For one, I believe that we need to start putting more money into science communication because social scientists can contextualize numbers and data collected by natural scientists and translate these for the common public. But let me tell you about another thing which is happening: In the Global South, there is a whole other debate around climate change. What you see emerging in places like India and Brazil is a sort of fossil fuel fascism. When I look at who funds the Indian government, the major players are coal investors. I don’t know anymore if India is ruled by electoral democracy or by a bunch of corporations. The Indian government is pulling the brakes on decarbonizing, using very valid and justified postcolonial arguments to non-valid ends. This is not about climate denialism. Nobody in India is even denying climate change. Rather they use arguments about climate change and vulnerability (which are all true) to twist them for very different purposes. I am very careful when saying this because I want to write about it and prevent India from denying me entry to the country. Ultimately, that’s the work I can do in the class-
«Historians are people who keep the govern-
ment in check.»
So, do you see your teaching as a form of activism?
This is an interesting question because if you look at South Asia, where I come from, historians are considered anti-government: The post-independence history of India, Pakistan and Bangladesh has been marked by violence which historians have been very active in documenting and trying to understand. Therefore, I always thought of historians as people who keep the government in check. In India, there is a huge fight between the government and the historians. Half of the historians are in jail. People who are working on indigenous rights are getting imprisoned or denied entry, hence, they can’t do research. Therefore, I believe that training students is a form of activism, and training them to think critically is very important at this moment. I can’t become the leader of a political movement; I don’t know how to do that. But I do know how to create knowledge and I know that I need to make sure that it circulates.
When I was a student, there were lots of times I was part of student activism. But things do change when you become a professor, am I right? (laughs)
When you held your lecture before the appointment committee in October 2020 (as reported by etü), you mentioned that you enjoyed working with students of other disciplines. What is the value of an interdisciplinary approach when teaching?
When I taught at an undergraduate college in the US, it was often the case that students of environmental science, sociology and ecologic engineering got together in the classroom to discuss, each bringing in their own perspectives. Recently, I was reading a book on Anthropocene approaches and why it should not only be taught in an interdisciplinary way, but in a multidisciplinary way. Because whereas interdisciplinarity overlooks our differences and tries to find a common ground, a multidisciplinary approach teaches students to fight for their methods and work through a problem, instead of coming to an agreement. I always encourage students to debate because it makes them ask questions.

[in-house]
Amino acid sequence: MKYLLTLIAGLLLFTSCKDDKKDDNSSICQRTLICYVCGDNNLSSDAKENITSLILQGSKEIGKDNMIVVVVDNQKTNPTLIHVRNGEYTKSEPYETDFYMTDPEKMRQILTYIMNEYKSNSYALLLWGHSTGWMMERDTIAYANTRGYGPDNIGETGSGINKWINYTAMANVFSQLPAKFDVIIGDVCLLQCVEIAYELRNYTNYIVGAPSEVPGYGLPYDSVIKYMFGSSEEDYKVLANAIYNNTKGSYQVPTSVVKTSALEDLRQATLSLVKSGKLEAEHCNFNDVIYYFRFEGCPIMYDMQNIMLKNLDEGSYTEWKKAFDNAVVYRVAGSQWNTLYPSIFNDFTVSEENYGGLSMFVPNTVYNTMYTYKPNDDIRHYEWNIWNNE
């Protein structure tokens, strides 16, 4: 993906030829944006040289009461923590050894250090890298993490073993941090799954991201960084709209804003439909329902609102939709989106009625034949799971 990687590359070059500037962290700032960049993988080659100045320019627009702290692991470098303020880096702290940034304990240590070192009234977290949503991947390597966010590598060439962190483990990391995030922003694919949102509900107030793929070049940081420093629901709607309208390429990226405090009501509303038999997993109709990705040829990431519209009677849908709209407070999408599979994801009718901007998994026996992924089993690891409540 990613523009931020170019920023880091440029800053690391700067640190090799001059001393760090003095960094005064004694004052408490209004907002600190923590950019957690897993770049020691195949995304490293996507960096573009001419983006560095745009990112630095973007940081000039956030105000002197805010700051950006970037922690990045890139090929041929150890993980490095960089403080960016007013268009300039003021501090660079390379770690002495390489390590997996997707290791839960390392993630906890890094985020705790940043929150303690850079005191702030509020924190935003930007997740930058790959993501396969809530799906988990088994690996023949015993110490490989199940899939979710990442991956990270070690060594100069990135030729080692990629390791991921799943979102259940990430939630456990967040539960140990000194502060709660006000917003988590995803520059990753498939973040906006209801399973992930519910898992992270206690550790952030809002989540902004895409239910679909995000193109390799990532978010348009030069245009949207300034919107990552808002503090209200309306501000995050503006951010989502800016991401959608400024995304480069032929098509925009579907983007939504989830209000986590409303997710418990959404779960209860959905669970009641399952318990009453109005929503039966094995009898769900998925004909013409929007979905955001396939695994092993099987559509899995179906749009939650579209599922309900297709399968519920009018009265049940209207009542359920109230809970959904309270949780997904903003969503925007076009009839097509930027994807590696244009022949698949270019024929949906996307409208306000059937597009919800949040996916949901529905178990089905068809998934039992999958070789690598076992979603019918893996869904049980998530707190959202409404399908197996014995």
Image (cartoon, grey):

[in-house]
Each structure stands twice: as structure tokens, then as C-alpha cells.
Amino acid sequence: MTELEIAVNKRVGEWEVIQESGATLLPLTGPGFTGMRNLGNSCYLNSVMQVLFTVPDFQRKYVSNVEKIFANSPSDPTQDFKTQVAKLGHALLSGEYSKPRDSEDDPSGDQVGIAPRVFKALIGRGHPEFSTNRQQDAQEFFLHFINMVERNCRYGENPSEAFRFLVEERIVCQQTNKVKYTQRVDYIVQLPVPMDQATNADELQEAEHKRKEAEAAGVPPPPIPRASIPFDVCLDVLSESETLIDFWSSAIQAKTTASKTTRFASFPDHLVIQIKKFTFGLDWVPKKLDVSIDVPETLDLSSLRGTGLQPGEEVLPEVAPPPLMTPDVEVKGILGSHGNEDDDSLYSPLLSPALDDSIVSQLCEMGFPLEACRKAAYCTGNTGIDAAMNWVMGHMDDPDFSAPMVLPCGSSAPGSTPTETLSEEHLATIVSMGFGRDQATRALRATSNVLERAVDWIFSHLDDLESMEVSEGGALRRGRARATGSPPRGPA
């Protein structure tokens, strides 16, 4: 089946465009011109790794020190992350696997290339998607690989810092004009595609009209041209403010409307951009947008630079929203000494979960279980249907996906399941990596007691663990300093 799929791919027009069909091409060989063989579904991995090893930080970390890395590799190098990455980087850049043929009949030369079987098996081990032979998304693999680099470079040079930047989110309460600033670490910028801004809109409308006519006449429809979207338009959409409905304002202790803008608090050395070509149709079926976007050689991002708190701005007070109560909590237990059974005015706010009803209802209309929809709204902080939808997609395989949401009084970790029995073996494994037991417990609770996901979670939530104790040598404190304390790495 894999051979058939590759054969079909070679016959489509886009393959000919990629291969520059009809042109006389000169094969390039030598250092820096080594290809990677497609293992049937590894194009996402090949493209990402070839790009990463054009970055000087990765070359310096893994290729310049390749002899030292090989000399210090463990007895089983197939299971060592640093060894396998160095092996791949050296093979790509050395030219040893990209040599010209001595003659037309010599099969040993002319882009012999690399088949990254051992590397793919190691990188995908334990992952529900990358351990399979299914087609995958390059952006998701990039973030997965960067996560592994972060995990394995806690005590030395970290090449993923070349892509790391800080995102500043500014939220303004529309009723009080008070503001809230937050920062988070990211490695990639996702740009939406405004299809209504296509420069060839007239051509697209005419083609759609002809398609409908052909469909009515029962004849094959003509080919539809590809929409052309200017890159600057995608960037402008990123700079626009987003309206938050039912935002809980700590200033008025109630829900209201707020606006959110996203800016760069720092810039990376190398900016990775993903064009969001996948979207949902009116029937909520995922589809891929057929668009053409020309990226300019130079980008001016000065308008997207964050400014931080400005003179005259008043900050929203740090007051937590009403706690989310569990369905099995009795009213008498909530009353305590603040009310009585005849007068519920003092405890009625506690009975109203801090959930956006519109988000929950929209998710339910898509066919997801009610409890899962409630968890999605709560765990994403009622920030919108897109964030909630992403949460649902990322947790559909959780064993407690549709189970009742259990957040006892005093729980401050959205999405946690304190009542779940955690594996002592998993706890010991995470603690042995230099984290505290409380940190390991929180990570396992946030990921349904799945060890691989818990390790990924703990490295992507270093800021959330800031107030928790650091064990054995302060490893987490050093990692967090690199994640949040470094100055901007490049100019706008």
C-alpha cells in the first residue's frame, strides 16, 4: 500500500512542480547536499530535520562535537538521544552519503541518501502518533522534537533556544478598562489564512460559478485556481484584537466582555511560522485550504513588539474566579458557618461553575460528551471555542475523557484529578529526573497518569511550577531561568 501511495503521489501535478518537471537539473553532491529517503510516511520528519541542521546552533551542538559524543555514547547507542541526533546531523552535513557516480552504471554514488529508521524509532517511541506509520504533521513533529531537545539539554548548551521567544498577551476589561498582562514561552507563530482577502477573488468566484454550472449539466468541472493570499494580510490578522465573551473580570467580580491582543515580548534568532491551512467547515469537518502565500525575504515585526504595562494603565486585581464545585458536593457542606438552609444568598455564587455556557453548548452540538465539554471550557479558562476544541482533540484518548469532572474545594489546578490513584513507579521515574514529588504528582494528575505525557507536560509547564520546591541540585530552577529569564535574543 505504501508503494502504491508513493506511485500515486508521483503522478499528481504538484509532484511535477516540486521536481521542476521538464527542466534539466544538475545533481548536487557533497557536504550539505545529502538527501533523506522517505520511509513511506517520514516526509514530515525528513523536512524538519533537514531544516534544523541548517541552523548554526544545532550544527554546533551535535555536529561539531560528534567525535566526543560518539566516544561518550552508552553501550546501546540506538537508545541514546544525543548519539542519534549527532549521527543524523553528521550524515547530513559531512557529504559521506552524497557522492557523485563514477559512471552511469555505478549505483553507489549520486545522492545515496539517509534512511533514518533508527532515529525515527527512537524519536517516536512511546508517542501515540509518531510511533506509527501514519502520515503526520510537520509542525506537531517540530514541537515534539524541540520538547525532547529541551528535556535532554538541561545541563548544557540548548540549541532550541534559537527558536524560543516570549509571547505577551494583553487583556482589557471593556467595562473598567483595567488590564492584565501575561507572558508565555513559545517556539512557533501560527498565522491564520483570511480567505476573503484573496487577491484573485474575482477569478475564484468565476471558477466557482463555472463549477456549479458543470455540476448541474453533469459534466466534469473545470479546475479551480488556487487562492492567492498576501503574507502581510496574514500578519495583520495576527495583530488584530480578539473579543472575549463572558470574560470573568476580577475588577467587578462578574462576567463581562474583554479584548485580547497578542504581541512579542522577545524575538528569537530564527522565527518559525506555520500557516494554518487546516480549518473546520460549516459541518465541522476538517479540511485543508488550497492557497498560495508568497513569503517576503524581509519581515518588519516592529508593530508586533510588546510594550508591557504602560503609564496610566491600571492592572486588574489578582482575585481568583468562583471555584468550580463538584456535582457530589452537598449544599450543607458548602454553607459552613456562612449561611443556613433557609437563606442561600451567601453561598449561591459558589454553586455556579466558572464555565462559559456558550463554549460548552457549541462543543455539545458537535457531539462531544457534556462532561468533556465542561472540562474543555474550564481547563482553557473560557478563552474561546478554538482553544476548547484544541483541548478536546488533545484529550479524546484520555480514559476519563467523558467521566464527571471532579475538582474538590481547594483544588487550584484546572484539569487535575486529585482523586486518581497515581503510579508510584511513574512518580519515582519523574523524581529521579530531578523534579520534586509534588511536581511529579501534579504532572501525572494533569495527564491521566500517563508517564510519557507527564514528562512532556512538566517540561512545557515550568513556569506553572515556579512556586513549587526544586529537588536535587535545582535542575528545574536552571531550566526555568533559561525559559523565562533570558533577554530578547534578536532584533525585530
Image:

Like the rest of us, you have been stuck in your apartment for the past two years and probably had to do a lot of Zoom classes. Do you have any takeaways from this time?
Let me begin with a positive aspect, because I always get depressed when thinking of Zoom lessons (laughs). For someone like me, whose academic life takes place in the Global North, but whose intellectual milieu is also in the Global South, observing the effect of Zoom has been interesting. An example: One of my seminars in Pennsylvania, which would usually only draw in scholars from American universities, suddenly attracted students from Nepal or Ethiopia – students I wouldn’t have had the chance to talk to otherwise. In that way, Zoom is a very democratizing tool.
But as far as teaching goes, there is nothing that can replace the in-person connection. Teaching is a two-way street. Teachers are not automats where you press a button and knowledge comes out; teaching is a dialogue – it gets better when the students challenge you. Silence, for example, is a very important part of a classroom, and silence doesn’t work on Zoom. I’m looking forward to being in a room together again.
Debjani Bhattacharyya studied at the University of Jadavpur, India, and gained her PhD at Emory University (Atlanta). She was Associate Professor of History and Urban Studies at Drexel University (Pennsylvania), a junior fellow of the American Institute of India Studies and a former research fellow at the International Institute of Asian Studies, Leiden (Netherlands). She is the author of the book Empire and Ecology in the Bengal Delta: The Making of Calcutta. She took up her appointment as Professor of «History of
the Anthropocene» on February 1, 2022, succeeding Prof. Philipp Sarasin.